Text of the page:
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Bacterial Meningitis – The Dangers of Misdiagnosis

Bacterial meningitis is a rare but potentially fatal disease. Several types of bacteria can cause an upper respiratory tract infection and then travel through the bloodstream to the brain. The disease can also occur when certain bacteria invade the meninges directly. Bacterial meningitis can cause stroke, hearing loss, and permanent brain damage.  Bacterial meningitis causes inflammation around the membranes of the brain and spinal cord due to a bacterial infection. This inflammation leads to increased intracranial pressure and can cause a catastrophic brain injury or death if the patient does not quickly receive proper medical treatment.  However, most people recover from bacterial meningitis if it is diagnosed and treated quickly.  If you were harmed by bacterial meningitis and you suspect the harm was caused by medical malpractice, you should consult the experienced personal injury and medical malpractice attorneys at DeFrancisco & Falgiatano.  We help clients throughout the Upstate New York area with offices in multiple convenient locations. Our extensive experience in the medical malpractice field is reflected in the results we have achieved for our clients.

Some forms of bacterial meningitis are contagious and can be spread through contact with saliva,

nasal discharge, feces, and respiratory and throat secretions.  These are often spread through kissing, coughing, sharing drinking glasses or eating utensils, or such personal items as toothbrushes, lipstick, or cigarettes.  Outbreaks of bacterial meningitis can occur in living situations where you are in close contact with others. People sharing a household, at a daycare center, or in a classroom with an infected person can become infected. College students living in dormitories, in particular, college freshmen, have a higher risk of contracting meningococcal meningitis than college students overall. Children who have not been given routine vaccines are at increased risk of developing certain types of bacterial meningitis.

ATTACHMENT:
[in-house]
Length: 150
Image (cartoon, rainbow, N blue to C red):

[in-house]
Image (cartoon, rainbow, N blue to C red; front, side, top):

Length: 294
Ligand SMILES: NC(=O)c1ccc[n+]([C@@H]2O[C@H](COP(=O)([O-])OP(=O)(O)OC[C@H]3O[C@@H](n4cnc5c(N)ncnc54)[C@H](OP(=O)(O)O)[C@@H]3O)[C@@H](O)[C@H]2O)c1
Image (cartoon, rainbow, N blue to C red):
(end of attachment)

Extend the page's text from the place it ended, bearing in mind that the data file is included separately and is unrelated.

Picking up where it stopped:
There are several types of infectious and non-infectious meningitis. They have different risk factors, anticipated outcomes, treatments, and complications.  Meningitis can be diagnosed based on symptoms, and physical examination.  Brain imaging studies can show signs of inflammation of the meninges. The specific type of meningitis and the infectious organism can be identified with a lumbar puncture, which is an invasive test.  Viral meningitis is the most common type of meningitis. It can be caused by viruses that are commonly contagious in the community, including enterovirus, mumps virus, herpes simplex virus, varicella-zoster virus (which normally causes chickenpox), Epstein-Barr virus, and West Nile virus. You can develop viral meningitis as a complication of an infection with any of these viruses, although most people who contract them do not develop viral meningitis. Anyone can develop viral meningitis, but it is more common among children. Sometimes it is diagnosed clinically, without a lumbar puncture.  People who have a healthy immune system usually recover quickly from viral meningitis, but it can cause complications, especially among people who have immune problems.  Although viral meningitis often resolves by itself without treatment, bacterial meningitis is a serious illness that can lead to harmful outcomes like hearing loss, brain damage, or death.